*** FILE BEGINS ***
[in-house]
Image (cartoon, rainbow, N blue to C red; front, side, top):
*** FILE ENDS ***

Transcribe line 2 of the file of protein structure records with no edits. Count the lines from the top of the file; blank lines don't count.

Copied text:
Image (cartoon, rainbow, N blue to C red; front, side, top):